A pub with outdoor seating, facing a busy street.
A warm evening.
A light breeze.
The pizzas arrived.
One had big chunks of meat on the top that looked like beef. It wasn’t.
I said my apologies to Winnie the Pooh for eating one of his friends (Kanga or Roo? How could I know?) and took a bite.
Everything tastes like chicken… except Kangaroo, apparently.
As I chewed, a man walked by on the street.
Unkempt, matted hair.
Long, untrimmed beard.
Dirty, ill-fitting clothes.
Large, tattered backpack.
He may not have been homeless, but I am 99% sure he was.
Apparently, chronic homelessness looks pretty similar everywhere… even in Australia.
I was in Australia for a week speaking at a conference in Bundaberg and conducting a series of trainings in Sydney.
I had mixed emotions about being in Australia.
- On the one hand, I was ecstatic to travel professionally to another country.
- On the other hand, I was frustrated that homelessness is a worldwide problem (I have done live trainings in the United States, Canada, Australia and Brazil).
Actually, my frustration goes further.
By all accounts, homelessness is increasing everywhere right now.
I did a quick Google News search for “homelessness” and here are the first few articles:
- Homelessness surging in many cities amid end to Covid assistance
- Rising homelessness is tearing California cities apart
- Homelessness in Rhode Island could reach an all-time high this winter
- [Chattanooga] responding to ‘unprecedented housing crisis’ of the homeless
- Fort Worth leaders say homelessness reaching critical levels
- Homelessness among Latinx residents in SF has skyrocketed since Covid-19 pandemic
- Increased homelessness in college students
- San Diego declares homelessness a public health crisis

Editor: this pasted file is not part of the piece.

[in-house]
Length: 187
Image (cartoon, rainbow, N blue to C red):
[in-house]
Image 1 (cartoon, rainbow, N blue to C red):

- Oregon governor’s race: Homelessness policy could make or break the election
In case you were wondering, I did a quick search of other country’s news:
- Australia (“soaring homelessness”)
- Canada (“homelessness crisis”)
- Brazil (“up 16%”)
I have worked in homelessness since 1999, and this might be the worst I’ve ever seen.
…there is reason for hope.
Reason to hope?
Homelessness is not inevitable.
Homelessness is not unsolvable.
Homelessness is not unavoidable.
We created homelessness.
Homelessness—as we see it today—is a new phenomenon.
I did a search of newspaper articles from before 1963.
These articles are very representative of what I found:
- Homeless victims of war
- Ohio river flood leaves thousands homeless
- Fire that made 25,000 homeless
Do you see the pattern?
Homelessness was almost exclusively a result of war, flooding or fires.
It wasn’t an economic situation.
I will say it again: Homelessness—as we see it today—is a new phenomenon.
In fact, the modern sociological phenomenon of “homelessness” simply didn’t exist prior to 1980.
That is important.
If we can create homelessness in a few decades, we can end homelessness in a few decades (even in places where they eat Kangaroo pizzas!).
Empathy is the answer,